Reporters on the Job
• Touring the Protest: Staff writer Sara Miller Llana notes that as she and her husband were coming into Oaxaca City, Mexico, two tourists from New Zealand saw her husband reading a Mexican newspaper with a picture of the strikers. "They asked what was going on as they did not speak Spanish and had not heard about the strike," Sara says.
This is the week that thousands of people come to experience a festival of indigenous dance, so Sara thought she'd meet a lot of disappointed tourists. "To my surprise, the people I talked to on the streets and in our hotel seemed pretty understanding," she says. "Some graffiti read, 'Tourists go home!' but many strikers reached out to tourists who stopped by their tables to inquire about why they were occupying the square."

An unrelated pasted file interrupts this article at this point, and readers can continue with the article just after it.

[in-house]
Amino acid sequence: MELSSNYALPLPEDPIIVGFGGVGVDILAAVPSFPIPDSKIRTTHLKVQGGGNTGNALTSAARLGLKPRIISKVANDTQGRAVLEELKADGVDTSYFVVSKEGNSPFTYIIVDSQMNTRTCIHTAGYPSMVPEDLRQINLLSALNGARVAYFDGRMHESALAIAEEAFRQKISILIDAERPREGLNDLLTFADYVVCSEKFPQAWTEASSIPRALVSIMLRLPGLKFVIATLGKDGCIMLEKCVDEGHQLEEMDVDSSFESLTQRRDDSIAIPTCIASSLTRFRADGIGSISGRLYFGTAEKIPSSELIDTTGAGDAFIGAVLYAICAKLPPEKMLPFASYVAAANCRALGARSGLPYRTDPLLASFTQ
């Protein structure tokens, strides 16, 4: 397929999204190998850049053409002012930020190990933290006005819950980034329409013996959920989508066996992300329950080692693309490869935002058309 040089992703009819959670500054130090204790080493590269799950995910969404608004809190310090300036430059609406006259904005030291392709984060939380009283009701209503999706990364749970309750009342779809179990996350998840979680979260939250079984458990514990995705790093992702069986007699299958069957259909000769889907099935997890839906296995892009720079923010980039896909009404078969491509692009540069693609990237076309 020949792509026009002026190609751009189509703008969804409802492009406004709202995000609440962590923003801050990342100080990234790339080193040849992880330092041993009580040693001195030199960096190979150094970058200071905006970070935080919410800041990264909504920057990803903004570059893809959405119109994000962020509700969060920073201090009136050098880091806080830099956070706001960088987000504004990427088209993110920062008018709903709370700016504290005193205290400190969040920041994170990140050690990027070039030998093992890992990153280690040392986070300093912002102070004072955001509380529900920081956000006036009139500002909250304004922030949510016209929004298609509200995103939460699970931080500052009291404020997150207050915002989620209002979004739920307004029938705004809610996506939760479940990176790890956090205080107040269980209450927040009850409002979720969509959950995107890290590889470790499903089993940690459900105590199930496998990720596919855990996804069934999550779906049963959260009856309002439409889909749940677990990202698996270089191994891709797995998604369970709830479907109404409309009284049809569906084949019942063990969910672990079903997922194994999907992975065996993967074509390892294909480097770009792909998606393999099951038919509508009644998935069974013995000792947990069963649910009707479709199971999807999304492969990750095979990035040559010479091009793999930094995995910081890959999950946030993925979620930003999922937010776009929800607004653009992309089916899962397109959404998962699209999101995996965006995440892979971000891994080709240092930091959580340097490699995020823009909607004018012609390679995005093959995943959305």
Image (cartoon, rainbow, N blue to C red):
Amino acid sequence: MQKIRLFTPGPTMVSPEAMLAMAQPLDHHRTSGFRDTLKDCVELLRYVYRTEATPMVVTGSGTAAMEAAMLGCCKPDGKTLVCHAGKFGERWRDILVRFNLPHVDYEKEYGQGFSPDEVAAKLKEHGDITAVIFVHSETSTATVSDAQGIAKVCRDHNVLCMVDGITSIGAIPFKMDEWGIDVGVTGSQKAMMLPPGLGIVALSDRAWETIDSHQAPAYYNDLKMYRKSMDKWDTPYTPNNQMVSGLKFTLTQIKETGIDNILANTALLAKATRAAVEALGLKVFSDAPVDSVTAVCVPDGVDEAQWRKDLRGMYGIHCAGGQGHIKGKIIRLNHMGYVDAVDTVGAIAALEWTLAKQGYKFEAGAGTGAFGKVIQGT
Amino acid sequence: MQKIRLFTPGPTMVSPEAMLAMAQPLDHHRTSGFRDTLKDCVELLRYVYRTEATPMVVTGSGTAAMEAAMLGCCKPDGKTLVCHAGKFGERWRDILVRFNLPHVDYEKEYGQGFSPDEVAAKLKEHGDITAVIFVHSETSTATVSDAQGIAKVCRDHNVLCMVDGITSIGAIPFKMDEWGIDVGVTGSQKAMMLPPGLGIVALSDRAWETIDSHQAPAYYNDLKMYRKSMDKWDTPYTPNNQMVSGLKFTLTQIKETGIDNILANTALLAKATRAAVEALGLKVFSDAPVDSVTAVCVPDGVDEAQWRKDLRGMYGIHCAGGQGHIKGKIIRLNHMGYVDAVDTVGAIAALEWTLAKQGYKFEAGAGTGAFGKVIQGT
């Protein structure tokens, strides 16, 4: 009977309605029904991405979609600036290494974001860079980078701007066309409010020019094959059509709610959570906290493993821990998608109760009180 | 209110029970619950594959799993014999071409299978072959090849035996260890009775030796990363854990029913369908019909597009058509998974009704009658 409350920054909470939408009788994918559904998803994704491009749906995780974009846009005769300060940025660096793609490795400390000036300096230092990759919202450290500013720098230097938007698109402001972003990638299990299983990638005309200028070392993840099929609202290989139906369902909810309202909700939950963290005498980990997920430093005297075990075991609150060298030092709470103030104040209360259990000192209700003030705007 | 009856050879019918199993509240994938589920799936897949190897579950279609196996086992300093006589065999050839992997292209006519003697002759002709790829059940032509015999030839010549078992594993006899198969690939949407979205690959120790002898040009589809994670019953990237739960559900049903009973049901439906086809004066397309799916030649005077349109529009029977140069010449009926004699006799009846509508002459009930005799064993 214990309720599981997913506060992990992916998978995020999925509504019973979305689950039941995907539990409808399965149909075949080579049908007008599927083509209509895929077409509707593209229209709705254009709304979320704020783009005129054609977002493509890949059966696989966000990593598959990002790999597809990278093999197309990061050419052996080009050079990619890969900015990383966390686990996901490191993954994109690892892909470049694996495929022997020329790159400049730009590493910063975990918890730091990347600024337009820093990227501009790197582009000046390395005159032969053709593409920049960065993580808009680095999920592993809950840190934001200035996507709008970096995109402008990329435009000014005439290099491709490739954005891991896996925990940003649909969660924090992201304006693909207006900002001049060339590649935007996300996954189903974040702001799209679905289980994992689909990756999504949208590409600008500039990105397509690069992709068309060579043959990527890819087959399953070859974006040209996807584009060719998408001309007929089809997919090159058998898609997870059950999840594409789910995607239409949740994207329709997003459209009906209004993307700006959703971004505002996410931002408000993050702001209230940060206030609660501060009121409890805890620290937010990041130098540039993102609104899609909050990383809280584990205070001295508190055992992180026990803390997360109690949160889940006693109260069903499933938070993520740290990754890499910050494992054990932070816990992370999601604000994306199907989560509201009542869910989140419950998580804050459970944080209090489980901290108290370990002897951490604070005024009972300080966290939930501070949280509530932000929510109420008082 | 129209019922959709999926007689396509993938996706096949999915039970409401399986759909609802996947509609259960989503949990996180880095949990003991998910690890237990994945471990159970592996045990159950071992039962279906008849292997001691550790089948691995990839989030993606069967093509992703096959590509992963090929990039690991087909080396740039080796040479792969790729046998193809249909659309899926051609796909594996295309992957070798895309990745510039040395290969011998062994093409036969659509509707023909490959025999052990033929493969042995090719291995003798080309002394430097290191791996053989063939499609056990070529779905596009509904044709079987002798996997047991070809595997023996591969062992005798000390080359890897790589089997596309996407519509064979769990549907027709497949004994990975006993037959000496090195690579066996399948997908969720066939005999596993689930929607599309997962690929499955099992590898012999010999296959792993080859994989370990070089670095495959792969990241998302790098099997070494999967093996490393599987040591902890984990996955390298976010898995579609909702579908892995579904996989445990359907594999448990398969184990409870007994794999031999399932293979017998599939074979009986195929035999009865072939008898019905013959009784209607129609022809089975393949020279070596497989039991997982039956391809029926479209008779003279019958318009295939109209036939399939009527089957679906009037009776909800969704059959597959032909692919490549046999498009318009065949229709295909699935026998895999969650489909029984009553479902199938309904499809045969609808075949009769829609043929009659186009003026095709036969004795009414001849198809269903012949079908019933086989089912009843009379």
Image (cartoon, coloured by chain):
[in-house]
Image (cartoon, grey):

Sara notes that there is still a lot to do in the area. "The festival is cel-ebrated in little towns outside Oaxaca City, so many have planned to make trips there. There are the churches to visit, and crafts to buy."
And there's always food to sample. On Wednesday night, Sara's husband dug into a plate of fried grasshoppers, a local specialty. Not Sara: "I could not bring myself to participate in that aspect of the culture here!"
Deputy world editor
Hot in Europe
Like the United States, Europe is experiencing a heat wave. Some temperatures recorded Wednesday, when Britain recorded its hottest day ever:
London: 96.6 degrees F.
Paris: 97 degrees F.
Berlin: 95 degrees F.
Brussels: 93.9 degrees F.
Utrecht, Netherlands: 95.5 degrees F.